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This essay is a very belated response to a " part 1 " published in February 2015. The gist of that essay was a response to a corre...

Tuesday, January 10, 2017


An archetypal experience is not any emotional event but only an overwhelming one, the extraordinariness of which stems exactly from the power of the archetype encountered through projection.-- Robert A. Segal, THEORIZING ABOUT MYTH, p. 93. (quoted in greater context here).
A stereotype is defined by bare functionality.
An archetype is defined by some degree of "super-functionality."-- A QUICK ASIDE ON FUNCTIONALITY

The primary similarity between (1) the many facets of "the archetype" as described by Jung and others and (2) the concept of "artifice" that I introduced in EFFICACY, MEET MYTH is that both are abstract constructions. Both are built up not from observed experience but from patterns one projects upon abstract ideas about experience. Such abstractions tend to intermingle willy-nilly, which is why my EFFICACY essay might have been better titled ARTIFICE, MEET MYTH, since I was arguing that my new term provided a more effective substitute for Northrop's Frye use of "myth" in the particular Fryean schema I quoted.

Still, "efficacy" wasn't without significance. Cassirer introduced the term as a way of seeking to understand the "non-causal causality" one finds in myth, as one sees in favorite tropes like that of the giant who is dismembered to create the universe. I drew a comparison between Cassirer's definition of efficacy as a "translation and  transposition of the world of subjective emotions and drives into a sensuous, objective existence" and viewing this as comparable to the will-based process by which a literary author creates a world out of his own "subjective emotions and drives."  No matter how much an author may think that he's attempting to hew close to observed experience, the moment he seeks to create fiction-- as opposed to nonfiction and memoir-related works like those of Harvey Pekar-- he will always impose some sense of order on his fictive world that parallels that of the cosmic order one finds in myth.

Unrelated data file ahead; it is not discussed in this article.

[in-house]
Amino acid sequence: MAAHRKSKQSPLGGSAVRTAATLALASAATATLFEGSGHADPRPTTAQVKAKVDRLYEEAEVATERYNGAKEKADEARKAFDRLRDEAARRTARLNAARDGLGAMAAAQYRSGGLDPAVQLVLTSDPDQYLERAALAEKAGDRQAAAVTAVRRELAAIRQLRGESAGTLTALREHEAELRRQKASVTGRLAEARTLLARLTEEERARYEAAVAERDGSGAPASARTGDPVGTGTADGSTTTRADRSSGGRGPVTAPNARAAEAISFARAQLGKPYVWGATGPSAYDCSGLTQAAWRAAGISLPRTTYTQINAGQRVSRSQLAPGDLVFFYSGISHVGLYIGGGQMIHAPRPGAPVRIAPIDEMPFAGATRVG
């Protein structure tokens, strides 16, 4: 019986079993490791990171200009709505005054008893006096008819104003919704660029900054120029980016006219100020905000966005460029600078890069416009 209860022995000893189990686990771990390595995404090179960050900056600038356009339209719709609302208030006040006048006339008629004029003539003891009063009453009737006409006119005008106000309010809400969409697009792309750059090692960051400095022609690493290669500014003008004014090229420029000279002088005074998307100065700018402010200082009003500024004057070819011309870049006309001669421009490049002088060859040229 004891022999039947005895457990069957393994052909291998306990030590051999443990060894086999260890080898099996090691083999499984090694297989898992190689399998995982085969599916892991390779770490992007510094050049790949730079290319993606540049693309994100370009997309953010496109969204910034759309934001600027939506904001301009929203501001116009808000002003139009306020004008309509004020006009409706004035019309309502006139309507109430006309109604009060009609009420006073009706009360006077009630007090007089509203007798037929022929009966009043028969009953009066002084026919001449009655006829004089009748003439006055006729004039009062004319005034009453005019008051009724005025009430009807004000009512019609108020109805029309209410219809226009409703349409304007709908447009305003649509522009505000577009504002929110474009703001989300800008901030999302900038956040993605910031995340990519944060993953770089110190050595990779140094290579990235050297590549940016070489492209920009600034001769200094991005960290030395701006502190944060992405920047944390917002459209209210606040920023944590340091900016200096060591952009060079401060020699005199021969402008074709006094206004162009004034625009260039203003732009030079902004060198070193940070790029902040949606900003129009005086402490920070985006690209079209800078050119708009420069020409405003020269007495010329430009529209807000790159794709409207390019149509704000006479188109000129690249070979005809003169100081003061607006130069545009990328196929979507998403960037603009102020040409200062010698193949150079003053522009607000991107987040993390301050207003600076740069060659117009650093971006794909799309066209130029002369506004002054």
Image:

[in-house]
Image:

Nevertheless, many authors seek to buttress their visions of real life with direct observations that they or others have taken from experience, and all such attempts to bring the fictional world into line with observed experience fit under the heading of Frye's category "verisimilitude." Ironically, "verisimilitude" can even take in inaccurate information. In HENRY IV PART 1, Shakespeare makes Henry and Hotspur the same age, which was not historically accurate. However, misinformation serves the same purpose in the play that accurate information would: to give the audience a set of particular facts about the antagonists.

The author who wants to be admired for his verisimilitude, then, endeavors to imply that any subjective concerns that inform his work are logical extrapolations from his observations of experience. Thus, even when he employs an archetypal trope, such as Frye's example of the "birth-mystery plot" in various Dickens works, the author will seek to emphasize that, say, Oliver Twist is the product of an unjust social system, rather than the obvious spawn of either a fiction-writer or of any mythological entities that might stand in for the author. (Again following Frye's example, the god Apollo exists to "explain" the provenance of his mortal son Ion, in more or less parallel fashion to the sacrificed giant whose death "explains" the origins of the universe.)

I'll state then a general maxim: no fiction-author can ever completely succeed in divorcing himself from the domain of artifice and totally cleaving to the domain of verisimilitude.

That said, an author's focus upon verisimilitude means that he automatically seeks to limit the potential "affective freedom" of his work, in favor of a "cognitive restraint" based in his own acceptance, and that of his potential audience, of all the rules of consensual reality. And that means that the "will" incarnate in the work of a (usually) naturalistic author like Dickens is not quite the same as what one sees in the work of one best known for marvelous scenarios, like Euripides, or of one who uses the same archetype in an uncanny work-- more upon which in Part 2.


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